A Dad is someone who taught you how to…..
…. ride a bike.
…. throw a ball.
…. balance a checkbook.
…. drive, even if that meant putting his life in your hands.
Dad is an action word. When action is needed, Dad takes the lead. When something needs to be fixed or built or mowed or cut or tended to, Dad takes the first shot at it (and hopefully is able to admit defeat and hire a professional when needed). Many Dads aren’t comfortable with babies because they don’t do anything (other than lay, sleep and eat). But as soon as they are big enough to play, Dads become their #1 playmate. After so much action, is it any surprise that when we talk about celebrating Father’s Day, we talk about letting Dad take a nap?
I can imagine it is often hard for Dads to let someone else take the lead and choose what to play, what to do and where to go. Not only Dads, but all parents, must get to a point where we hand over the reins to our kids and let them decide what interests them the most. Dads have to accept the fact that their daughter might think baseball is boring (gasp) or that their son would rather learn to code than learn to play chess.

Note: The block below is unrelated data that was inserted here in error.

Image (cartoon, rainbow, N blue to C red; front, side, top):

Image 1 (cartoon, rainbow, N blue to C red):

There is a quote floating around social media today: “My father gave me the greatest gift anyone could give another person, he believed in me” – Jim Valvano. It can be done in a conversation or by practicing with them night and day or holding their hand or giving them a hug to take the stress away. Believing in your child is the most powerful action of all.
I started writing this blog because I wanted to have deeper conversations beyond "How are you?", "Busy", with other parents. Over the years I've shared personal stories, articles, authors and topics to facilitate conversations with parents about the joys and the challenges of parenting.